Since financial ratios can provide insights into a company’s health and financial results, each of these groups would be interested in all financial ratios. However, it is reasonable that each group would be particularly interested in the ratios that most directly reflected their interests. (Note that much of what these stakeholders are interested in is not measured by financial data, hence cannot easily be reduced to financial ratios.)
a. Managers? Ratios such as asset utilization, that describe their area of responsibility.
b. Customers? Ratios that point toward the company’s ability to continue to produce, service, and improve its products and services.
c. Shareholders? Ratios that point toward financial results, such as profitability, financing choice, and market value.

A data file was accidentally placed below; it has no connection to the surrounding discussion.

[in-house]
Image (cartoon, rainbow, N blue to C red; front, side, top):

d. Creditors? Ratios that measure the company’s amount of and ability to service debt.
e. Employees? Ratios, such as profitability, that point toward the company’s ability to provide wages and employee benefits.
f. Governments? Ratios, such as profitability, that point toward the company’s long term health and ability to provide jobs and pay taxes.
g. Neighbors? Ratios, such as profitability, that point toward the company’s ability to contribute toward the community.